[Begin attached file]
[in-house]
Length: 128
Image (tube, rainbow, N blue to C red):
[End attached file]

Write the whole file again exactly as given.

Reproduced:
[in-house]
Length: 128
Image (tube, rainbow, N blue to C red):